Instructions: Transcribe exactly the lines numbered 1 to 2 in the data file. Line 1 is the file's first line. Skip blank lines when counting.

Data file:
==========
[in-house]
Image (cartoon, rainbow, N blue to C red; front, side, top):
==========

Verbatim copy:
[in-house]
Image (cartoon, rainbow, N blue to C red; front, side, top):